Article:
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OPINION: Teen Health Starts at School and Home

By: Meilan Solly

It’s a well-known fact that America has seen a growing obesity trend over the last few decades, with obesity rates among adolescents and children almost tripling since 1980. The Centers for Disease Control and Prevention (CDC) found that the number of teenagers (ages 12-19) who are overweight or obese reached 18%, or in numbers 12.5 million, in 2008.

Comparatively, only 5% of adolescents were considered overweight or obese in 1980. Obesity can lead to many problems, ranging from low self-esteem to high risk for cardiovascular diseases. It is important, therefore, to encourage better teen health both at home and at school.
Obesity, which is defined as “having excess body fat” according to the CDC, varies from being overweight, which is concerned more with weight than fat. Both conditions are caused by several factors: mainly overeating, lack of physical exercise, and junk food. While some instances of obesity are caused by physical problems rather than bad habits, most cases are preventable. So, whose job is it to encourage better teen health? Public schools, or home? The answer is both.
Schools try to do their part in fostering healthy living habits by offering extracurricular sports and physical education classes. They also offer fairly nutritious school lunches, although it is true that one study of 1,000 middle schoolers found that students who ate school lunches on an everyday basis were 29% more likely to be obese than those who packed their own lunches. This is one fact which should change soon, however, since the U.S. Department of Agriculture is working on several lunch reforms such as the Healthy, Hunger-Free Kids Act, which provides for maximum calorie limits and larger vegetable portions. School lunches may be one of the government’s main focuses when it comes to encouraging better health in schools, but they should focus more on teaching nutrition and promoting physical education.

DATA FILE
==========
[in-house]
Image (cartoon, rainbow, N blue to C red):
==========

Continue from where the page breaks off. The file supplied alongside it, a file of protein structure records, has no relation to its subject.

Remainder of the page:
While schools do offer many exercise options, they don’t always teach healthy living habits. Health class, which is offered in conjunction with Physical Education, does teach students a few tips, but what many schools really need is an active health program. Some public schools already have health coordinators, who the American Cancer Society explains are people who are “trained professionals in school health who will help the school district work to improve the programs and policies that can impact the health of its students and faculty.” The role of health coordinators and health programs in schools must be expanded in order to teach teenagers nutrition and lifestyle habits that will hopefully keep them from growing obese and unhealthy as adults.

Besides encouraging teen health at school, parents must foster healthy habits at home. Home is, usually, the place where students spend the most time aside from school, and it is here that they can really indulge in unhealthy habits like eating junk food and sitting around on the couch. Improving lifestyle habits is not just the task of parents or schools, of course. Teenagers themselves have to choose to change their habits or else they will never learn. Parents and teens must work together to implement changes like buying healthier food, exercising on a daily basis, and limiting television and computer time.

In the end, improving teen health comes down to teens. They are the ones these choices will affect, either negatively or, hopefully, positively. Changing the way one goes about daily life can be a daunting task, but by slowly making simple changes like going for a run or eating a salad instead of macaroni and cheese, it is easy to become healthy, fit, and an overall improved person.

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